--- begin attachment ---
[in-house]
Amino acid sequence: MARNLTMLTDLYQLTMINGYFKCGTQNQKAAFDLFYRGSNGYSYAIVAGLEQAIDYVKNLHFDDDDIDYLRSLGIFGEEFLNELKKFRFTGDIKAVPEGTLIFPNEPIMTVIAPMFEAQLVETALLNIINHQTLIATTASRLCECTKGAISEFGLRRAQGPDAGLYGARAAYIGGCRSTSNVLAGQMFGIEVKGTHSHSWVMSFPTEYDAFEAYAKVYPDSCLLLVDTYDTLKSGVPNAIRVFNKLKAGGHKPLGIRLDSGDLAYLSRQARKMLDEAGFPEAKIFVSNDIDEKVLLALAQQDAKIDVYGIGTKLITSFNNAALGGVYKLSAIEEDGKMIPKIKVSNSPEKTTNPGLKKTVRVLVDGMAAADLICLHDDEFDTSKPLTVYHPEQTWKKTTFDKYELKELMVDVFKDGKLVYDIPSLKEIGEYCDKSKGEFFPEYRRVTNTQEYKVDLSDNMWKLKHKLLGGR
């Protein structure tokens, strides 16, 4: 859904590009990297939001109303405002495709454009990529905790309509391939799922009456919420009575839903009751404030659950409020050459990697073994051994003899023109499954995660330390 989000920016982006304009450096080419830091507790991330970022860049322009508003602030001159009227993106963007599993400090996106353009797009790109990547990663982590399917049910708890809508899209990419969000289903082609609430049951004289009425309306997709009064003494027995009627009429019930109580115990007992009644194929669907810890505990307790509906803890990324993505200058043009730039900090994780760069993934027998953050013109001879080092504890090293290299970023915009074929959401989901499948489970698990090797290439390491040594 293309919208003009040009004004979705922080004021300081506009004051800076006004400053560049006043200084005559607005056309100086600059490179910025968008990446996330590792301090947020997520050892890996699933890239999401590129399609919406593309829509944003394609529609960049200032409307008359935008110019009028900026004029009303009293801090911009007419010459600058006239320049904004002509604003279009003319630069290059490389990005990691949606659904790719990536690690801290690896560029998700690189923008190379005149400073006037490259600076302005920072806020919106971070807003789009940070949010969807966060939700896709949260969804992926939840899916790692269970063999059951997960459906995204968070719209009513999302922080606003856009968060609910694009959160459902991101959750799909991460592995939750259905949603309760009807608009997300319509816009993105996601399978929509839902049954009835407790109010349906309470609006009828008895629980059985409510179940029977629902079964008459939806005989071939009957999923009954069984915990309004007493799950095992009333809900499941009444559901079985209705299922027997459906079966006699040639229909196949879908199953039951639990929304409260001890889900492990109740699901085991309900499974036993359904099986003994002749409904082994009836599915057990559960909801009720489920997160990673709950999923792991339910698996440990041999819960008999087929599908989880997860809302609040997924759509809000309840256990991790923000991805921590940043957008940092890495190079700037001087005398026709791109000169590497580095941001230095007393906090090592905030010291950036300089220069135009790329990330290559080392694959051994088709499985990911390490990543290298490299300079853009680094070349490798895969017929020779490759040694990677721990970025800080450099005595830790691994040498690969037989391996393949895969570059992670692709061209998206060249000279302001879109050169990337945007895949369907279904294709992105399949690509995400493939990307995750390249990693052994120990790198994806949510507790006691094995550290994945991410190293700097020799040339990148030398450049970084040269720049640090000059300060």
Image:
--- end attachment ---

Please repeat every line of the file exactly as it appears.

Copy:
[in-house]
Amino acid sequence: MARNLTMLTDLYQLTMINGYFKCGTQNQKAAFDLFYRGSNGYSYAIVAGLEQAIDYVKNLHFDDDDIDYLRSLGIFGEEFLNELKKFRFTGDIKAVPEGTLIFPNEPIMTVIAPMFEAQLVETALLNIINHQTLIATTASRLCECTKGAISEFGLRRAQGPDAGLYGARAAYIGGCRSTSNVLAGQMFGIEVKGTHSHSWVMSFPTEYDAFEAYAKVYPDSCLLLVDTYDTLKSGVPNAIRVFNKLKAGGHKPLGIRLDSGDLAYLSRQARKMLDEAGFPEAKIFVSNDIDEKVLLALAQQDAKIDVYGIGTKLITSFNNAALGGVYKLSAIEEDGKMIPKIKVSNSPEKTTNPGLKKTVRVLVDGMAAADLICLHDDEFDTSKPLTVYHPEQTWKKTTFDKYELKELMVDVFKDGKLVYDIPSLKEIGEYCDKSKGEFFPEYRRVTNTQEYKVDLSDNMWKLKHKLLGGR
């Protein structure tokens, strides 16, 4: 859904590009990297939001109303405002495709454009990529905790309509391939799922009456919420009575839903009751404030659950409020050459990697073994051994003899023109499954995660330390 989000920016982006304009450096080419830091507790991330970022860049322009508003602030001159009227993106963007599993400090996106353009797009790109990547990663982590399917049910708890809508899209990419969000289903082609609430049951004289009425309306997709009064003494027995009627009429019930109580115990007992009644194929669907810890505990307790509906803890990324993505200058043009730039900090994780760069993934027998953050013109001879080092504890090293290299970023915009074929959401989901499948489970698990090797290439390491040594 293309919208003009040009004004979705922080004021300081506009004051800076006004400053560049006043200084005559607005056309100086600059490179910025968008990446996330590792301090947020997520050892890996699933890239999401590129399609919406593309829509944003394609529609960049200032409307008359935008110019009028900026004029009303009293801090911009007419010459600058006239320049904004002509604003279009003319630069290059490389990005990691949606659904790719990536690690801290690896560029998700690189923008190379005149400073006037490259600076302005920072806020919106971070807003789009940070949010969807966060939700896709949260969804992926939840899916790692269970063999059951997960459906995204968070719209009513999302922080606003856009968060609910694009959160459902991101959750799909991460592995939750259905949603309760009807608009997300319509816009993105996601399978929509839902049954009835407790109010349906309470609006009828008895629980059985409510179940029977629902079964008459939806005989071939009957999923009954069984915990309004007493799950095992009333809900499941009444559901079985209705299922027997459906079966006699040639229909196949879908199953039951639990929304409260001890889900492990109740699901085991309900499974036993359904099986003994002749409904082994009836599915057990559960909801009720489920997160990673709950999923792991339910698996440990041999819960008999087929599908989880997860809302609040997924759509809000309840256990991790923000991805921590940043957008940092890495190079700037001087005398026709791109000169590497580095941001230095007393906090090592905030010291950036300089220069135009790329990330290559080392694959051994088709499985990911390490990543290298490299300079853009680094070349490798895969017929020779490759040694990677721990970025800080450099005595830790691994040498690969037989391996393949895969570059992670692709061209998206060249000279302001879109050169990337945007895949369907279904294709992105399949690509995400493939990307995750390249990693052994120990790198994806949510507790006691094995550290994945991410190293700097020799040339990148030398450049970084040269720049640090000059300060």
Image: